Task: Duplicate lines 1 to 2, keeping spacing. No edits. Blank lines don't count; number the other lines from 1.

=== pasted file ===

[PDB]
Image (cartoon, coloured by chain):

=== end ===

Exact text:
[PDB]
Image (cartoon, coloured by chain):